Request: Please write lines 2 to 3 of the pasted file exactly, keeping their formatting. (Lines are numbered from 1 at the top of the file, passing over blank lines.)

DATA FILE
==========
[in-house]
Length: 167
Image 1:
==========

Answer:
Length: 167
Image 1: